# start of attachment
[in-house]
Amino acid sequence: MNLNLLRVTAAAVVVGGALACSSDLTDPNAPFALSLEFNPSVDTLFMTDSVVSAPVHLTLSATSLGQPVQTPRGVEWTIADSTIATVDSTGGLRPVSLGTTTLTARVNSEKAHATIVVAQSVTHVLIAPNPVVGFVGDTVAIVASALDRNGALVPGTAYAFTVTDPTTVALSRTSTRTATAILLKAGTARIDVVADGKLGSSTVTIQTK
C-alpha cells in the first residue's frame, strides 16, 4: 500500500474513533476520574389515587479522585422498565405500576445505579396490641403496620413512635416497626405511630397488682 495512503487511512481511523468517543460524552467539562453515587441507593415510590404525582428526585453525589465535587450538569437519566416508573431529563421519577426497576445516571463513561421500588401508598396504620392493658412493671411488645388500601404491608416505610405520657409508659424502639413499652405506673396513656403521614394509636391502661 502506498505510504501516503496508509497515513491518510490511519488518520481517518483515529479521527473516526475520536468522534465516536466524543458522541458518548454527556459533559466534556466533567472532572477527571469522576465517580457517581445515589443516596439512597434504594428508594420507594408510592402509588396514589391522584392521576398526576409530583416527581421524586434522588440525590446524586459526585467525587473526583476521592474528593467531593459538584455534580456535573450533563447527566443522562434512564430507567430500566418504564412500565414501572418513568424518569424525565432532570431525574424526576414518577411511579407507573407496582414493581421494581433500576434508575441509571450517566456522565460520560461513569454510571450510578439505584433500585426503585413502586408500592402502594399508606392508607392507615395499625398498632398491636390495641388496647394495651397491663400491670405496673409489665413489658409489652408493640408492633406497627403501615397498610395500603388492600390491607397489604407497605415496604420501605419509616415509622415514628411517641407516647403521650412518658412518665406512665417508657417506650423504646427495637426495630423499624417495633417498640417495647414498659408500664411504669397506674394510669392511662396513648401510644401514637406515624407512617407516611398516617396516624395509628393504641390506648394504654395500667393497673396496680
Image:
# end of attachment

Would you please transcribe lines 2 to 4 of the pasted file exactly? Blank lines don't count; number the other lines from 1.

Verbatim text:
Amino acid sequence: MNLNLLRVTAAAVVVGGALACSSDLTDPNAPFALSLEFNPSVDTLFMTDSVVSAPVHLTLSATSLGQPVQTPRGVEWTIADSTIATVDSTGGLRPVSLGTTTLTARVNSEKAHATIVVAQSVTHVLIAPNPVVGFVGDTVAIVASALDRNGALVPGTAYAFTVTDPTTVALSRTSTRTATAILLKAGTARIDVVADGKLGSSTVTIQTK
C-alpha cells in the first residue's frame, strides 16, 4: 500500500474513533476520574389515587479522585422498565405500576445505579396490641403496620413512635416497626405511630397488682 495512503487511512481511523468517543460524552467539562453515587441507593415510590404525582428526585453525589465535587450538569437519566416508573431529563421519577426497576445516571463513561421500588401508598396504620392493658412493671411488645388500601404491608416505610405520657409508659424502639413499652405506673396513656403521614394509636391502661 502506498505510504501516503496508509497515513491518510490511519488518520481517518483515529479521527473516526475520536468522534465516536466524543458522541458518548454527556459533559466534556466533567472532572477527571469522576465517580457517581445515589443516596439512597434504594428508594420507594408510592402509588396514589391522584392521576398526576409530583416527581421524586434522588440525590446524586459526585467525587473526583476521592474528593467531593459538584455534580456535573450533563447527566443522562434512564430507567430500566418504564412500565414501572418513568424518569424525565432532570431525574424526576414518577411511579407507573407496582414493581421494581433500576434508575441509571450517566456522565460520560461513569454510571450510578439505584433500585426503585413502586408500592402502594399508606392508607392507615395499625398498632398491636390495641388496647394495651397491663400491670405496673409489665413489658409489652408493640408492633406497627403501615397498610395500603388492600390491607397489604407497605415496604420501605419509616415509622415514628411517641407516647403521650412518658412518665406512665417508657417506650423504646427495637426495630423499624417495633417498640417495647414498659408500664411504669397506674394510669392511662396513648401510644401514637406515624407512617407516611398516617396516624395509628393504641390506648394504654395500667393497673396496680
Image: